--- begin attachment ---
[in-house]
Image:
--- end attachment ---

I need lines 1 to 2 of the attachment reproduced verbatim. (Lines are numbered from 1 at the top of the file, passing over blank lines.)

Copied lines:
[in-house]
Image: